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Harish Bhat | Updated on May 03, 2021

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How ‘misbehaviour’ is relevant to effective marketing

Last month, I was invited to deliver a keynote address at a conference organised by the NSE Centre for Behavioural Science, which was recently established at my alma mater Indian Institute of Management, Ahmedabad. My thoughts turned immediately to my first formal brush with behavioural economics — the book Misbehaving, by the Nobel laureate Richard Thaler.

Thaler makes the powerful point that human beings are not rational in how they think and act — in fact, viewed through the lens of traditional economic theories, they misbehave. He narrates an interesting story of a dinner party he once hosted. As his guests waited for the main meal, he served them cashew nuts with cocktails. The cashews disappeared within minutes. Worried that his guests would fill up on these salty snacks, Thaler returned them to the kitchen. His guests thanked him for taking away the cashews.

Thaler was surprised. Why were his guests thanking him for depriving them? This went totally against the principles of rational economics, which says more choices are better than fewer choices.

This episode made him see that people don’t always make the choices that are best for themselves. If there are cashews in front of them, they often misbehave by overeating the nuts, leaving little space for a delicious dinner. But you can help people make better decisions, by intervening to guide them in a certain direction (in this case, taking the cashews away).

From that episode evolved an understanding of many biases and tendencies, and, consequently, the heuristics or rules of thumb that lead people to often behave in an irrational manner. Here are a few examples of “misbehaviour” that are relevant to marketers:

• If a product is sold at a fantastic discount, many consumers will buy it even if they do not need it.

• Consumers tend to accept views that confirm their own deeply held beliefs. Therefore, Indian consumers, who traditionally believe in the health benefits of local herbs and spices such as tulsi and turmeric, typically prefer food products containing these rather than foreign ones such as ginseng, which may be equally efficacious. Behavioural economics calls this the “confirmation bias”.

• People place a disproportionately high value on products which they help partially create, even though the end-product may resemble something they can buy off the shelf. This bias is known as “IKEA effect”, since furniture sold by the company require buyers to assemble them.

Experienced marketers usually have an intuitive understanding of such behavioural tenets. The important question is: Can they use them to help people address some of the biggest problems of today?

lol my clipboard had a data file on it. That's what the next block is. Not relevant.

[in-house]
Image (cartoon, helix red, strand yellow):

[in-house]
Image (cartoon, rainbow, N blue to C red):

For instance, how can marketers persuade more people to overcome their vaccine hesitancy? Can we nudge the fence-sitters to vaccinate themselves against Covid-19 by leveraging the confirmation bias — for example, by showcasing the superlative success of the polio vaccination programme, which most Indians now deeply believe in? Or can we use the ‘endowment effect and loss aversion’ (another behavioural economics concept) by painting a compelling picture of what our communities, and each of us, stand to lose if we do not vaccinate ourselves ?

Similarly, can marketers use behavioural science to help consumers make the right choices to counter the biggest threat our planet faces — climate change? Can utility companies provide real-time energy use monitors in our homes, which blink red when we overuse, thereby delivering a powerful “recency effect”, which, in turn, will nudge us to use less? Can we use the power of age-old Indian cultural and social norms to help us eat more sustainably — locally sourced, healthier, rather than packaged or junk food which consumes a lot more of the world’s resources?

Equally important, how can behavioural economics help us live better in a digital-rich, attention-poor world? Can the power of biases and heuristics be used to counter loneliness, addiction and thought bubbles, which are fast becoming the markers of our age ?

I concluded my keynote address with Thaler’s number one mantra for behavioural change: “Make it easy”. If you want to get people to do something, make it easy for them.

(With inputs from Kavita Mahto, Tata Sons)

Harish Bhat

 

Harish Bhat is Brand Custodian, Tata Sons. These are his personal views

Published on May 02, 2021

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